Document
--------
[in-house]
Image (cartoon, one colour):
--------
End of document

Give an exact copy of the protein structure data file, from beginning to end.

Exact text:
[in-house]
Image (cartoon, one colour):